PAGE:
[1975] AC 396.Mr Stone was not convinced that damages would not provide an adequate remedy in
the event that Blade made out its primary case on the agreement (about which he
was clearly sceptical). Moreover, applying the balance of convenience test and
rejecting the application, perhaps influenced by his doubts about Blade’s main
case, Mr Stone rejected the idea that granting the injunction was a return to
the status quo, took account of the delay in bringing the claim and weighed the
fact that it was open to Blade to pay the money claimed and reclaim any

Human Rights Judgment on Accessing IP Address

According to the European Court of Human Rights,
police accessing subscriber information associated with a dynamic IP address
needed a court order

In a Chamber judgment from the European Court of
Human Rights, Benedik v Slovenia (application no.
62357/14), it has been held, by six votes to one, that there had been a
violation of Article 8 (right to respect for private and family life) of the
ECHR where the Slovenian police failed to obtain a court order to access
subscriber information associated with a dynamic IP address recorded by the
Swiss law-enforcement authorities during their monitoring of users of a certain
file-sharing network. This led to the applicant being identified after he had
shared files over the network, including child pornography.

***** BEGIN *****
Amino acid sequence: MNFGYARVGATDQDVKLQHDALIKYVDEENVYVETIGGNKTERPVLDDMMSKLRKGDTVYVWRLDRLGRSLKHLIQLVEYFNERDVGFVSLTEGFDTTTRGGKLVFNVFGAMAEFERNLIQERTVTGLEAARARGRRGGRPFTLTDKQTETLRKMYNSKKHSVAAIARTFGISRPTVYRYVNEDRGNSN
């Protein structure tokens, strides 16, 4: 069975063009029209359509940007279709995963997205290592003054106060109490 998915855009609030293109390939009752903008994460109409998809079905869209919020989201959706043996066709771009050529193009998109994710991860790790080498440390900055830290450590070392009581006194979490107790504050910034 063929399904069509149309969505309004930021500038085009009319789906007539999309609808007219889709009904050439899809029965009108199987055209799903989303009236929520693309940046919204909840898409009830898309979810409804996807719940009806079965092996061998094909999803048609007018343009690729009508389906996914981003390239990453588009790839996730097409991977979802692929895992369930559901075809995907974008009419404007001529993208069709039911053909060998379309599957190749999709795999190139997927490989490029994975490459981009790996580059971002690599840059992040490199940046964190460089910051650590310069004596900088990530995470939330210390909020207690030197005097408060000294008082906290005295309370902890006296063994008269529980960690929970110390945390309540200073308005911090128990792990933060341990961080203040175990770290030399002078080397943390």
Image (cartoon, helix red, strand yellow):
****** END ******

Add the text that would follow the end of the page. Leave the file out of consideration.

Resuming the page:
The Court found in particular that the legal
provision used by the police to obtain the subscriber information associated
with the dynamic IP address had not met the Convention standard of being ‘in
accordance with the law’. The provision had lacked clarity, offered virtually
no protection from arbitrary interference, had no safeguards against abuse and
no independent supervision of the police powers involved. It stated that a
finding of a violation of Mr Benedik’s rights under the Convention was
sufficient just satisfaction for any non-pecuniary damage.

Advocate General’s Opinion on Disclosure of

In Case C-207/16 Ministerio Fiscal, Advocate General Saugmandsgaard Øe has given an
Opinion to the CJEU which proposes that the Court should find that even
criminal offences that are not particularly serious may justify disclosure of
basic electronic communications metadata, provided such disclosure does not
seriously undermine the right to privacy.